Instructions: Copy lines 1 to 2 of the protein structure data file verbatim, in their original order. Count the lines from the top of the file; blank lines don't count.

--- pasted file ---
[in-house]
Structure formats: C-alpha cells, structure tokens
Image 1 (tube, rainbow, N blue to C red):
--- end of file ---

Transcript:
[in-house]
Structure formats: C-alpha cells, structure tokens